Originally published on May 1, 2020
TGIF . . . Thank Goodness It’s Friday! Or is it?? Is it Friday or Saturday? It’s hard to know what day it is when every day feels like Saturday. One day last week I drove through the McDonald’s drive-thru (don’t judge~I’m tired of cooking) and asked for the $5 Wednesday meal deal and the voice in the box said, “I’m sorry, ma’am, but today’s Thursday.” Oh yeah. I knew that.
No matter what day it is on the calendar, it’s a day God has given us. And though many of our usual choices have been understandably taken from us during this time, there are still some things we can choose. Mark Batterson, in his book In a Pit With a Lion On a Snowy Day, made this statement about Jewish survivors in a Nazi concentration camp, “Everything was taken away from the Jewish prisoners. They were stripped of their clothing, their pictures, and their personal belongings. The Nazi captors even took away their names and gave them numbers. Viktor Frankl was number 119,104. But Frankl said there was one thing the Nazis couldn’t take away: ‘Everything can be taken from a man but one thing: the last of human freedoms-to choose one’s attitude in any given set of circumstances.’” Batterson goes on, “The most important choice you make every day is your attitude. Your internal attitudes are far more important than your external circumstances.”
Joy, like love, is one of the choices we get to make each day. We can make the choice to rejoice. Joy is a hard choice when you’re tired. And we’re all tired. I get that. But I’m not talking about working up, muscling up, pulling an emotion out of nowhere like a magician’s rabbit. I’m not advising us to just slap on a happy face like an emoji at the end of a text message. What I am talking about is the kind of joy that tough circumstances can’t touch and challenging events can’t change.
In Habakkuk 3:17, the prophet describes the future siege of Jerusalem and the effect it will have on the economy. He says there will be no fruit, no grain, no livestock~no way to make a living. No stimulus check for Habakkuk! The future looked grim and his prospects looked bleak. Many of us may feel the same. But we, like Habakkuk, have a choice. In 3:18, he turns a corner when he says, “YET I will rejoice in God. I will take joy in the God of my salvation.” How could he respond to such tragic events with joy? In verse 19 he gives us the answer: It isn’t his own strength he’s relying on. “God the LORD is my strength. He makes my feet like the deer’s and causes me to tread on my high places.” Habakkuk recognizes that God gives him both the strength and the capability to walk through rough places. Rest assured, God is still in the strength and equipping business. He will give us the strength we seek and the abilities we need to get through all the rocky times in our lives.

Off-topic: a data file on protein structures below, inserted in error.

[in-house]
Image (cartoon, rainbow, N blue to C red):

Although many of our daily choices have been necessarily removed from us, we still have the most vital one. We have the choice to rejoice in our God and to rely on His strength to get us through each day. We can make the choice to rejoice. We can make the choice, regardless of our circumstances, to rely on God’s strength through prayer, scripture reading, and worship. We can make the choice to trust God to equip us with the necessary tools for the task at hand~that He gives us the perfect “feet” to walk -to run-to leap from one rocky spot to the next. We can make the choice to rejoice today.
As Elisabeth Elliot once said, “The secret is Christ in me, not me in a different set of circumstances.”
I think I’ll go to MickeyD’s next week for my favorite sandwich meal deal. That is, if I can remember what day it is.